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Is it a heart attack? Study seeks to improve diagnosis and care for women

February is Heart Month, a time to bring attention to the importance of cardiovascular health, and what we can do to reduce our risk of cardiovascular disease. So, we’re shining a spotlight on Dr. Karin Humphries, who researches sex and gender differences in coronary artery disease. On Feb. 13, Dr. Humphries will be among the speakers at a free educational event on women’s cardiovascular health (scroll down for details).

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Heart disease is a leading cause of death among women in Canada. And yet, according to the Heart & Stroke Foundation, the bulk of heart disease research focuses on men. Not only are females with heart disease under-researched, they are also under-diagnosed and under-treated. Meanwhile, the risk of death among women under 55 who have had a heart attack is twice that of men the same age.

One scientist who is working to close the research gap and stop women from dying unnecessarily is Dr. Karin Humphries, Scientific Director at the BC Centre for Improved Cardiovascular Health, Associate Professor in the Faculty of Medicine at the UBC, and UBC-Heart and Stroke Foundation Professor in Women’s Cardiovascular Health. Thanks to a $1.6 million federal grant, Dr. Humphries and her research team will soon launch the CODE-MI study to investigate whether one simple change in how we diagnose a heart attack could improve care for women with heart disease and reduce their risk of dying.

We reached out to Dr. Humphries to learn more.

First, some background. How are women’s hearts different from men’s hearts?

KH: On average, women’s hearts are smaller than men’s hearts. We are also more likely to develop coronary artery disease in the smaller blood vessels of the heart, the ‘microvasculature’, than men in whom the disease is more likely to manifest in the larger ‘epicardial’ vessels. This is an important difference given that our major diagnostic tool is designed to demonstrate disease in the larger epicardial vessels.

What are the signs and symptoms of heart attack in women and how do men experience heart attack differently?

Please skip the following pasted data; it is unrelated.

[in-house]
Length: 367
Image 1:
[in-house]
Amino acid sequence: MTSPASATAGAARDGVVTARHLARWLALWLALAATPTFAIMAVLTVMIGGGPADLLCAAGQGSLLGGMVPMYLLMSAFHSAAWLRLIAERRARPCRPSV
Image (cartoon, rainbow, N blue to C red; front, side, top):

KH: In both women and men, chest pain is the most common symptom of a heart attack, but women may describe this pain as squeezing or fullness anywhere in the chest rather than a crushing pain in the centre of the chest. Women also experience other symptoms called ‘atypical’ symptoms. These include pain in the arm(s), jaw, neck or shoulder, shortness of breath, nausea, light-headedness, sweating or extreme fatigue. While men may only describe chest pain, women will often describe two or more symptoms, in addition to chest pain.

Are there unique risk factors for heart disease in women?

KH: Yes, there are risk factors that are unique to women. These include pre-eclampsia or gestational diabetes during pregnancy. Women who have polycystic ovary syndrome (PCOS) are also at increased risk of heart disease. In addition, two risk factors, diabetes and smoking, which are risk factors in both sexes, have a stronger effect in women than in men.

What is the objective of the CODE-MI study?

KH: CODE-MI is a randomized controlled trial that seeks to improve the diagnosis and treatment of women with a heart attack by using a diagnostic cut-point that is specific for women, rather than an overall cut-point. The biomarker that is used to diagnose a heart attack is ‘cardiac troponin’. Because women produce lower levels of this biomarker than men, we believe it is important to take this fact into account and adjust the cut-point to reflect the lower levels found in women.

How will the study be conducted?

KH: The study will be carried out within 26 hospitals across Canada. In BC, Victoria’s Royal Jubilee Hospital and Vancouver’s St. Paul’s Hospital are participating. Each hospital is currently using an overall cut-point for cardiac troponin when evaluating people presenting to the emergency department with chest pain. As part of the study, the sites will be randomized to start using the lower cut-point when evaluating women. The cut-point for men will remain the same. We hope to show that more women will be appropriately identified as having a heart attack after the implementation of the lower cut-point.

How could this research lead to better care and outcomes for women?

KH: If we are better able to identify women who have had a heart attack, we can then offer them better care. And with better care we can improve the chances they will make a full recovery from their heart attack.

Is there anything women can do to prevent heart disease?

KH: Women can make several changes that will reduce the chance of getting heart disease. These changes include regular physical activity, eating a heart healthy diet, and not smoking. It is also important to work with their doctors to maintain healthy levels of cholesterol and blood pressure.

Wear Red Canada event

The Canadian Women’s Heart Health Alliance in collaboration with The Heart and Stroke Foundation of BC & Yukon are launching the inaugural Wear Red Canada campaign on Wednesday, February 13.

On this day, cardiologist Dr. Tara Sedlak is hosting an informational event where cardiovascular experts and patients will share their knowledge and experiences. Dr. Humphries is among the speakers, as is St. Paul’s Hospital cardiologist Dr. Annie Chou, who will talk about gender-specific risk factors leading to heart disease in women, as well as the signs and symptoms of heart disease in women. Click here for event details.

When: February 13, 2019 | 9:30 a.m.-12 p.m.
Where: UBC Robson Square C300 (800 Robson St.)
To RSVP: Dr. Tara Sedlak (mahrazparvand@alumni.ubc.ca

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This article originally appeared on The Daily Scan.